eLife digest

Gene therapy is an experimental approach to treating disease that involves altering faulty genes or replacing them with new, working copies. Most often, the new genetic material is delivered into cells using a modified virus that no longer causes disease, called a viral vector. Virus-mediated gene therapies are currently being explored for degenerative eye diseases, such as retinitis pigmentosa, and neurological disorders, like Alzheimer’s and Parkinson’s disease. A number of gene therapies have also been approved for treating some rare cancers, blood disorders and a childhood form of motor neuron disease.

Despite the promise of virus-mediated gene therapy, there are significant hurdles to its widespread success. Viral vectors need to deliver enough genetic material to the right cells without triggering an immune response or causing serious side effects. Selecting an optimal vector is key to achieving this. A type of viruses called adeno-associated viruses (AAV) are prime candidates, partly because they can be easily engineered. However, accurately comparing the safety and efficacy of newly engineered AAVs is difficult, due to variation between test subjects and the labor and cost involved in careful testing.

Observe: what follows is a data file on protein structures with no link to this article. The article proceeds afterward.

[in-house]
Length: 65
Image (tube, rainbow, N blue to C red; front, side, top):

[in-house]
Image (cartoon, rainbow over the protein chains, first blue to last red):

Öztürk et al. addressed this issue by developing an experimental pipeline called scAAVengr for comparing gene therapy vectors head-to-head. The process involves tagging potential AAV vectors with unique genetic barcodes, which can then be detected and quantified in individual cells using a technique called single-cell RNA sequencing. This means that when several vectors are used to infect lab-grown cells or a test animal at the same time, they can be tracked. The vectors can then be ranked on their ability to infect specific cell types and deliver useful genetic material.

Using scAAVengr, Öztürk et al. compared viral vectors designed to target the light-sensitive cells of the retina, which allow animals to see. First, a set of promising viral vectors were evaluated using the scAAVengr pipeline in the eyes of marmosets and macaques, two small primates. Precise levels and locations of gene delivery were quantified. The top-performing vector was then identified and used to deliver Cas9, a genome editing tool, to primate retinas.

Öztürk et al. also used scAAVengr to compare viral vectors in mice, analysing the vectors’ ability to deliver their genetic cargo to the brain, heart, and liver. These experiments demonstrated that scAAVengr can be used to evaluate vectors in multiple tissues and in different organisms.

In summary, this work outlines a method for identifying and precisely quantifying the performance of top-performing viral vectors for gene therapy. By aiding the selection of optimal viral vectors, the scAAVengr pipeline could help to improve the success of preclinical studies and early clinical trials testing gene therapies.

Introduction